A main driver of this new look and feel will be the UC San Diego Blue Line Trolley, which is set to open in 2021 and connect the campus with the larger community, running all the way from San Ysidro at the border to the La Jolla campus.

Extending to the Community

When that infrastructure is in place, UC San Diego plans to move beyond its campus and offer educational opportunities in even more progressive ways. Yes, the UC San Diego campus will be transformed by the dynamic changes, but it’s no island. Key to creating this new connection with the community is UC San Diego’s proposed downtown facility, which Extension will be in charge of developing and managing. Khosla said the proposed 66,000-square-foot building at Park Avenue and Market Street will be critical to fostering a more accessible campus that is better connected to downtown and the diverse urban neighborhoods nearby, allowing the campus to engage with the broader community in more meaningful ways.

It will be the city’s first four-year university presence in downtown, which is fast becoming home to many ambitious startups.

“When we build more housing, more infrastructure, more buildings, we need to make this a living and learning community because the light rail is coming to town, and the light rail fundamentally changes the way we look at our campus,” Khosla said. “The outside comes in and the inside goes out. That changes the dynamic of our interaction with the broader community.”

Mary Walshok, associate vice chancellor of public programs and the dean of UC San Diego Extension, said Extension is ready to help deliver on the university’s goals of developing and supporting a diverse student population as well as contributing to the civic and cultural life of the larger region. The downtown location will expand Extension’s ability to offer innovative and effective pre-college programs that help students properly prepare for the rigors of college life. The facility, which is expected to open in 2021, will also be home to business incubation and entrepreneurship resources and offer a venue for arts events and exhibits to showcase the university’s and the larger community’s cultural offerings. In addition, it will be a hub for civic engagement and offer courses, workshops, and seminars that are relevant to the urban core’s growing workforce.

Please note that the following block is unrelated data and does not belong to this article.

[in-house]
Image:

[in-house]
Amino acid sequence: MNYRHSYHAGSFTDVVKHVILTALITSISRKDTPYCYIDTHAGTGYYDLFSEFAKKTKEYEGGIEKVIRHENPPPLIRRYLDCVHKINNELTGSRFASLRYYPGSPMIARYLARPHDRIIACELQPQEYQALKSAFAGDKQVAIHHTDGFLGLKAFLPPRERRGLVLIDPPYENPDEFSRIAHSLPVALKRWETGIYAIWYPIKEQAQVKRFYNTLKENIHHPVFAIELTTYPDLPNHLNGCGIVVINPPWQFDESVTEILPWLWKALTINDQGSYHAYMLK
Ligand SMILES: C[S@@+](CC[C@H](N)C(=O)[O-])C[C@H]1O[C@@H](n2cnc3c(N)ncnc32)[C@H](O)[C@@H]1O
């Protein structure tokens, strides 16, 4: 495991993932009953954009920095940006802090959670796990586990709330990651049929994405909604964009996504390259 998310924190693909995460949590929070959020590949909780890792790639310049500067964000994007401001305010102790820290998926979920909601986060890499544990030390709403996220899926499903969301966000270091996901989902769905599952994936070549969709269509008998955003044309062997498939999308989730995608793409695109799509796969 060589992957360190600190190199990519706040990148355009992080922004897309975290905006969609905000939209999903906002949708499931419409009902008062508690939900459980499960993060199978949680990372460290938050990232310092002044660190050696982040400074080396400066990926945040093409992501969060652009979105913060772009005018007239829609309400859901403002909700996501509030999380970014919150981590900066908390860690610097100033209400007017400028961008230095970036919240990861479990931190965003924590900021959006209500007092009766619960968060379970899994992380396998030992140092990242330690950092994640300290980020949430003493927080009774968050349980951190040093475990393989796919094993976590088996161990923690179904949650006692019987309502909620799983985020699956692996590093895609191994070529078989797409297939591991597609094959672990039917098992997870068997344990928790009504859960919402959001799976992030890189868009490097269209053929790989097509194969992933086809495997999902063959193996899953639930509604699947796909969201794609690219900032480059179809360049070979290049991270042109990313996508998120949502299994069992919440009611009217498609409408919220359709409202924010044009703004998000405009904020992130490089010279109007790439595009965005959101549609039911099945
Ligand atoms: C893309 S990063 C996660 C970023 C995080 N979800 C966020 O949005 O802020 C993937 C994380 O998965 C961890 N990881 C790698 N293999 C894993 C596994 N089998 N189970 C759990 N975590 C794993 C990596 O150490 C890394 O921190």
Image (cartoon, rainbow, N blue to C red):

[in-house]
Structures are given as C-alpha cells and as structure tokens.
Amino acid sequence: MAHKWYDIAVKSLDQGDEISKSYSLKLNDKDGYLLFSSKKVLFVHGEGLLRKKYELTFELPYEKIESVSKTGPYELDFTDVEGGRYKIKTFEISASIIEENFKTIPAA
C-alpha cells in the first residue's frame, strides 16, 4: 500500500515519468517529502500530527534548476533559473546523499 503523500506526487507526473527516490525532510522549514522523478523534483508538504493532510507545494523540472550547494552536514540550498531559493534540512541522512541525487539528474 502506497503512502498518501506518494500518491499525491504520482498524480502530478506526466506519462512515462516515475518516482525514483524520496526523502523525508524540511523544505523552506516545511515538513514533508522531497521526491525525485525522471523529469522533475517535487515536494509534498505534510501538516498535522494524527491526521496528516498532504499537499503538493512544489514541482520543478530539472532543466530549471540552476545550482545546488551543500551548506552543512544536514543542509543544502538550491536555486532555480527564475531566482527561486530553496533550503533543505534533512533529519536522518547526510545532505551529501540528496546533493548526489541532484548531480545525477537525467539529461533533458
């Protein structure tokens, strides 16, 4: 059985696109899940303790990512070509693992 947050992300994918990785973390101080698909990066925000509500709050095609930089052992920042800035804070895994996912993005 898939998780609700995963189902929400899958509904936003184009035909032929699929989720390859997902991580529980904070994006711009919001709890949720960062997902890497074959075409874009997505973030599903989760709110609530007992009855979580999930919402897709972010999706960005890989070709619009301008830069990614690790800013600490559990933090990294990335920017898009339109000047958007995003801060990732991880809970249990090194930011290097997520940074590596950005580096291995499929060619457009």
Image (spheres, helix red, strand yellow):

“This new facility will allow UC San Diego to be embedded in the community in a way it hasn’t been before,” Walshok said. “It is just one of the many ways that Extension is helping to deliver on the promise of a research university in the 21st century.”

With Extension’s long-standing relationships with business and civic leaders and its innovative and wide range of education and training programs, Khosla agreed that Extension is uniquely positioned to help UC San Diego reach its goal of connecting with the community in a more meaningful way.

“We want to further strengthen the relationships between the community and the campus and use Extension, as the word denotes, as our arms and legs to extend ourselves beyond this campus and into the broader community,” Khosla said. “This is exactly why the new building downtown plays a very significant role. Extension, in my mind, is a two-way bond between us and the community. Extension is the glue that helps us achieve that.”